The Japanese government submitted a recommendation to the UNESCO World Heritage Center on the 1st to register the Sado Mine in Niigata Prefecture as a World Heritage Site. The reason is that the Sado Mine has historical value because it produced gold in the traditional way in the 17th and 19th centuries.

The problem is that Sado Mine was the site where Koreans were forcibly mobilized during the Japanese colonial period. According to an academic research service report on the fact-finding investigation of the victims of forced mobilization by Japan published in 2019, there is a record of 1,140 Koreans depositing unpaid wages related to Sado mine in the Japanese National Archives. At least 1,140 Koreans were forcibly mobilized, meaning that wages were not paid directly to them.

There are some who have been recognized as victims of the Sado mine through the government’s investigation. Previously, the Forced Mobilization Victims Investigation Committee cross-verified the records and lists of victims of forced mobilization, and estimated and determined that 148 people were victims of Sado Mine. Nine of the 148 people died on the spot. 73 people reported sequelae. Pneumoconiosis was the majority.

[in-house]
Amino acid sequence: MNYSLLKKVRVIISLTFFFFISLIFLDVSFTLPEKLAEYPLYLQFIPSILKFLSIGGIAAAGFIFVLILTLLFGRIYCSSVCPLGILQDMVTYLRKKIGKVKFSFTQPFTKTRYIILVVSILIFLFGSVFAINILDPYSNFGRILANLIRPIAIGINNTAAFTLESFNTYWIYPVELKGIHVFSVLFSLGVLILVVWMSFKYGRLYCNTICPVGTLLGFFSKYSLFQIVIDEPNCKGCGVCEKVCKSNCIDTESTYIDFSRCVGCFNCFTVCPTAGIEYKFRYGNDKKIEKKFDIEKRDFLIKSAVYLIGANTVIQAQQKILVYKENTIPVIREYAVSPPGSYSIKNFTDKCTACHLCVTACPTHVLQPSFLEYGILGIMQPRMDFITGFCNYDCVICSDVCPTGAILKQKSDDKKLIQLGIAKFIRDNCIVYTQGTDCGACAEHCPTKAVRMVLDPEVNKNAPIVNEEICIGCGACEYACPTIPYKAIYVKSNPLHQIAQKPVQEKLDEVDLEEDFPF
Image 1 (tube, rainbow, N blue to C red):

일본 군함도

Oral testimony of the victim remains. Born in Nonsan, Chungcheongnam-do in 1919, Im Tae-ho was mobilized in the Sado mine in 1940. He mined ore underground. According to the report, “He lived with his heart pounding, thinking, ‘Can I get out of this basement alive today?’ There was no human treatment for the deceased.” Lim concluded the dictation by saying, “I have never heard a single word from the Japanese government sincere.” He died in 1997.
The government and civil society groups at home and abroad strongly opposed the promotion of the Sado Mine World Heritage Site. In the first phone call with Japanese Foreign Minister Yoshima Hayashi on the 3rd, Foreign Minister Chung Eui-yong protested the plan to list the Sado mine.

“The Kishida regime’s attempt to deny the history of the Sado Mine, which is promoting the registration of the Sado Mine as a World Heritage Site, is an insult to the victims of Sado Mine and the citizens of Korea and Japan who have been working hard to uncover the history of forced mobilization,” the Institute for National Studies said. “Japan’s attempt to distort history by covering the sky with the palm of its hand cannot escape international disgrace,” he said.